McDonald’s, Burger King Face Petition From Two Little Girls to End Plastic Toy Tradition

A petition is currently just over 100,000 signatures away from its 500,000 goal

Fast food toys
Fast food chains are under fire from two little girls. (AFP PHOTO/Karen BLEIER (Karen Bleier/AFP/Getty)
AFP/Getty Images

Sisters Ella and Caitlin McEwan, ages 9 and 7 respectively, are taking on two fast food industry giants for the sake of the planet.

The young girls started a petition based on a lesson in school that taught them about how plastic waste effects the lives of animals and drives climate change, CNN reported. What they learned made them immediately think about the small, colorful toys that come in their McDonald’s and Burger King kid’s meals.

“We like to go to eat at Burger King and McDonald’s, but children only play with the plastic toys they give us for a few minutes before they get thrown away and harm animals and pollute the sea,” the pair wrote for their petition. “We want anything they give to us to be sustainable so we can protect the planet for us and for future generations.

Their petition to end the not-so-happy mealtime tradition at each chain has 398,485 signatures out of the girls’ 500,000 goal as of Thursday morning, but both of the titans of fast food have already taken note.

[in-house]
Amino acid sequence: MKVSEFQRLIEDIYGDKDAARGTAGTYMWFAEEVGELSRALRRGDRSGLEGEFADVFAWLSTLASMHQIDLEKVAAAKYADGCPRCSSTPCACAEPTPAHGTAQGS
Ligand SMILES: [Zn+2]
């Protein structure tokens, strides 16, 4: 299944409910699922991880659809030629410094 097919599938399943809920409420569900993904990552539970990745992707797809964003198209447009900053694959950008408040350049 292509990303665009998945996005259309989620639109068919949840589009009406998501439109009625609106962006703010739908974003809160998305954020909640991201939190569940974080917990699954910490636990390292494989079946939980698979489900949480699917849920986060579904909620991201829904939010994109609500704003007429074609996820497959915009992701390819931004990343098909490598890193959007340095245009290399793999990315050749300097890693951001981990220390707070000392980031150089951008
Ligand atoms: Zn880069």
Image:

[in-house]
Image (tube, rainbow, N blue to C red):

“We know our young guests really enjoy their King Jr. meals, and we are working on the development of more sustainable packaging and alternative toy solutions,” Burger King said in a statement. The company has vowed to come up with a sustainable solution by next year, according to CNN.

“In the UK over the next six months our Happy Meal promotions will include a mixture of board games, books and soft toys — which will see an almost 60 percent reduction in the number of hard plastic toys given away in comparison to the first half of the year,” McDonald’s added in it’s own statement.

It is estimated that roughly 150 metric tons of plastic currently resides in the world’s oceans, CNN reported, and pollution created by plastic has shown to be responsible for the deaths of more than 100,000 sea mammals and 1 million birds every year.

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